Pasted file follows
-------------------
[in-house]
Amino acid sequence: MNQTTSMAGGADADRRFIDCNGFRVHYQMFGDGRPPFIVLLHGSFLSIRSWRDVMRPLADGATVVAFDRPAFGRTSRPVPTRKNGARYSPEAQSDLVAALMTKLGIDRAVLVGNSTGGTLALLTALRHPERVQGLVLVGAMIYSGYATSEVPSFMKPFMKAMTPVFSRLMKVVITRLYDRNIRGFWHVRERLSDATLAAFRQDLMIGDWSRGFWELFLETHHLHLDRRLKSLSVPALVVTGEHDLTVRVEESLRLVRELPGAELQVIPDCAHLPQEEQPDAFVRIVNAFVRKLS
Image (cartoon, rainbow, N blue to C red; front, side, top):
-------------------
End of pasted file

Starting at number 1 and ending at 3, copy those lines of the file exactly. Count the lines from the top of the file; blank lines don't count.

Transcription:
[in-house]
Amino acid sequence: MNQTTSMAGGADADRRFIDCNGFRVHYQMFGDGRPPFIVLLHGSFLSIRSWRDVMRPLADGATVVAFDRPAFGRTSRPVPTRKNGARYSPEAQSDLVAALMTKLGIDRAVLVGNSTGGTLALLTALRHPERVQGLVLVGAMIYSGYATSEVPSFMKPFMKAMTPVFSRLMKVVITRLYDRNIRGFWHVRERLSDATLAAFRQDLMIGDWSRGFWELFLETHHLHLDRRLKSLSVPALVVTGEHDLTVRVEESLRLVRELPGAELQVIPDCAHLPQEEQPDAFVRIVNAFVRKLS
Image (cartoon, rainbow, N blue to C red; front, side, top):